This morning New Yorker editor David Remnick weighed in on the situation in Egypt. He declared, confidently:
There comes a point when a thing demands its proper name. A coup is a coup. A despot is a despot. And a massacre is a massacre.
But, some things do not demand a proper name. Like, the Muslim Brotherhood. Remnick’s attitude toward the Brothers is mild when compared to his visceral hatred of the military.
The despots are conducting a massacre. The Brothers should be, in Remnick’s words, mistrusted:
You can mistrust the politics and the ambitions of the Muslim Brotherhood. You can point out that, during its year at the head of an elected government, it exploited its victory to embed its religious ideology and its goals as deeply as possible in the new constitution. Its views on women’s rights, its efforts to intimidate journalists, and attacks by its supporters on Coptic churches and Christian believers are just a few of its deplorable features. The history of the Brotherhood and of its impact in the Middle East inspires no admiration. But how does a military coup, along with the kidnapping of an elected President, and widespread, indiscriminate arrests, announce the resumption of democratic practice? Islamists make up roughly a third of the Egyptian population. The slaughter on the streets will surely radicalize many of them, and set back democratic development throughout the region.
Making the Muslim Brothers champions of “democratic development” takes more than your average, everyday blindness. Since the Brothers are sworn enemies of “democratic practice” one understands perfectly, even if Remnick does not, that suppressing them promotes democracy. Why should we worry about radicalizing the supporters of a radical terrorist organization?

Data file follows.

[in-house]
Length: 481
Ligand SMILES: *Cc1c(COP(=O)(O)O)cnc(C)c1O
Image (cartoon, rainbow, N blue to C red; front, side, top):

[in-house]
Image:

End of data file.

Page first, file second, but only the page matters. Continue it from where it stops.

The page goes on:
We should try to undermine their support by suppressing them.
Note especially Remnick’s rhetoric. He talks about the Brotherhood “views” on women’s rights, as though all it had were opinions. What about the active abuse and harassment of women, what about the female genital mutilation, what about the wife beating that is countenanced by Sharia Law?
It’s not just about views.
Remnick finds the “attacks” by Brotherhood supporters on Coptic Christians “deplorable,” but what about the murder of Coptic Christians.
Compare Remnick's milquetoast rhetoric with this article from the Huffington Post. It tells about recent Brotherhood attacks on Coptic Christians. We are not dealing with people who we might not trust; we are dealing with terrorist thugs committing pogroms. They were doing it more subtly before the coup; they are doing it more openly now.
This, from the Huffington Post:
After torching a Franciscan school, Islamists paraded three nuns on the streets like "prisoners of war" before a Muslim woman offered them refuge. Two other women working at the school were sexually harassed and abused as they fought their way through a mob.
In the four days since security forces cleared two sit-in camps by supporters of Egypt's ousted president, Islamists have attacked dozens of Coptic churches along with homes and businesses owned by the Christian minority. The campaign of intimidation appears to be a warning to Christians outside Cairo to stand down from political activism.
Christians have long suffered from discrimination and violence in Muslim majority Egypt, where they make up 10 percent of the population of 90 million. Attacks increased after the Islamists rose to power in the wake of the 2011 Arab Spring uprising that drove Hosni Mubarak from power, emboldening extremists. But Christians have come further under fire since President Mohammed Morsi was ousted on July 3, sparking a wave of Islamist anger led by Morsi's Muslim Brotherhood.
Nearly 40 churches have been looted and torched, while 23 others have been attacked and heavily damaged since Wednesday, when chaos erupted after Egypt's military-backed interim administration moved in to clear two camps packed with protesters calling for Morsi's reinstatement, killing scores of protesters and sparking deadly clashes nationwide.